Submitted: November 18, 2019
Plaintiff's Motion for Reconsideration of
Commissioner's Order and Confirmation of the
Sheriff's Sale. GRANTED.
Charles E. Butler Judge.
Court is asked to review a ruling by a Superior Court
Commissioner setting aside a sheriffs sale. After de
novo review, the Court reverses the Commissioner's
ruling. The sale is confirmed.
Kenneth McCollister was in default of payment of the condo
fees to 1800 Superfine Lane Condominium Association
("Superfine") Unit 35 ("Unit") for a long
time. Superfine filed a lien on the Unit in 2013 due to the
fees owed. Thereafter, McCollister filed personal bankruptcy.
The matter was stayed for years while that issue worked its
way through bankruptcy court. The property lien was not
discharged in the bankruptcy. McCollister then transferred
ownership of the unit to his wife, Beverly McCollister.
Finally, in 2019, Superfine elected to foreclose on its lien
against the property. Acting pro se, Kenneth
MCollister attempted to halt the auction, but his motion was
filed too late and on April 9, 2019, the Unit was sold at
sheriffs auction to One Pie Investments LLC as the winning
Thereafter, the motion to halt the foreclosure was converted,
through counsel for Kenneth McCollister, into a motion to
reject confirmation of the sheriffs sale. A Superior Court
Commissioner decided the sale should not be confirmed,
finding two errors in the sheriffs auction process: lack of
notice to Beverly McCollister, the record deed holder, and
incorrect amounts of the debt listed in the notice of
Superior Court Civil Procedure Rule 69(g), governs notice of
a sheriffs sale of real estate. The Rule requires that at
least seven days before the sale, the plaintiff must send
notice of the auction sale, via certified mail, return
receipt requested to all interested parties, including
tenants, and record owners. The Rule further requires the
notice shall be posted on the address of the property that is
to be auctioned. Finally, the Rule requires that interested
parties be notified "at the last known available or
reasonably ascertainable" address.
While proof of sending notice is required, proof of
actual notice is not. And why is that, one might
ask? The logical explanation is that actual notice, or proof
thereof, could be thwarted by a debtor who simply refuses to
open his mail, or avoids service of process, or moves away to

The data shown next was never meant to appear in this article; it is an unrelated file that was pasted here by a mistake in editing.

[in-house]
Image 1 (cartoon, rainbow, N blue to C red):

avoid the pending eviction. Debtors are often in denial and
refusing to acknowledge realities is apparently baked into
the Rule. Thus, it is proof of notice sent that complies with
the rule; not proof of notice received.
Superfine produced copies of the notices of sale sent via
certified mail, return receipt requested to occupant/tenant
at 1880 Superfine Lane Apt 35, Kenneth McCollister at that
address, Beverly McCollister (record owner) at 205 East
13thStreet, TKT&T Real Estate Investing, LLC
at West 22nd Street and a P.O. Box, 1800 Superfine
Lane Condominium Association. The notice further stated when
the auction was to be held, and a contact to obtain an
updated payoff amount.
Court is satisfied that certified mailings were sent to all
interested parties of the sale, including the record address
for Mrs. McCollister, any additional tenant/occupants at the
residence, and a posting on the door of the residence.
Indeed, Beverly McCollister is not even before the Court
arguing that she did not receive notice. This is
thus not a case in which the debtor challenges the sale on
grounds of no or defective notice to the
debtor. The Court has no reason to doubt that
Beverly McCollister received notice. She is not before the
Court to protest that she did not, and Superfine's
paperwork indicates notice was properly sent to her pursuant
to the rules established to effect notice.
Kenneth McCollister further faults the auction sale over the
amount needed to satisfy the lien. Kenneth McCollister says
the alleged lien of over $10, 000 was reduced substantially
before the auction, and the auction improperly inflated the
amount needed to clear the lien.
is true that the Alias Praecipes issued stated a judgment
debt of some $16, 000 "together with accruing fees,
assessments, interest at the contractual rate of five and
75/100 percent (5.75%), collection costs, attorney's fees
and the Sheriffs costs incurred in connection with this levy
and sale." The problem with McCollister's
argument is that Rule 69(g) has no requirement to identify
the amount in controversy in the Notice of Sheriff s sale.
Interested parties are invited to inquire of the ...